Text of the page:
Expert who likes to court controversy

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The Independent Online
THERE are not many paediatricians who would have contemplated carrying out a study in which infants were deprived of oxygen, writes Jeremy Laurance. Even the North Staffordshire Hospital Centre's own research ethics committee initially rejected the proposal because of fears about the possible danger to babies involved. But Professor David Southall is used to courting controversy.

He was the doctor responsible for covertly videoing parents suspected of child abuse while their children were in hospital. Between 1986 and 1994, 39 children were filmed being attacked by apparently caring parents and step-parents which led to 33 criminal prosecutions.

However, his methods were criticised by psychiatrists concerned about infringement of privacy and the risk of exposing children to further harm during the surveillance operation and he was accused of acting as an agent provocateur.

In a separate study conducted between 1989 and 1993 in which premature babies with breathing problems were placed on a new type of respirator, some parents complained they were not told their children were being given experimental treatment. In all 122 babies took part, of whom 28 died and 15 were left brain damaged.

A number of families contacted a local solicitor, James Evans, claiming their children had been used as guinea pigs and that they had only found out about the trial when Professor Southall and his colleagues published their findings in an American journal which highlighted the dangers of the treatment. However, the hospital said the parents had been told about the trial but may have forgotten because of the stress they were under.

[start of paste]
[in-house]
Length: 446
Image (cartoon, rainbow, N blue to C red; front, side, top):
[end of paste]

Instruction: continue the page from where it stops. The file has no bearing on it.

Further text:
Mr Evans yesterday said inquiries were continuing to see whether the parents had a legal case. "The questions are whether proper informed consent was obtained and whether the ventilator was safe."

Ethical questions have also been raised about the new study, published in today'sBritish Medical Journal, which are examined in two accompanying commentaries. Despite its initial concerns, the hospital ethics committee agreed to let the study go ahead because its members were convinced it would be safe, with a paediatrician on standby, and that the parents would be properly informed and no coercion would be used. However, Julian Savulescu, of the Centre for Human Bioethics, Victoria, Australia, says there was already some evidence of risk before the study began, it had no therapeutic benefit and it is unclear whether the parents were fully aware of the danger.

The only benefit to the parents was in learning whether their child was one who responded badly to a reduction in oxygen levels in the air. They could then avoid long-haul flights or mountain holidays until their child was older.

Mr Savulescu concludes there is some value in the study but "a balance must always be struck between discouraging research which might eliminate continuing harm and making it as safe and ethical as possible."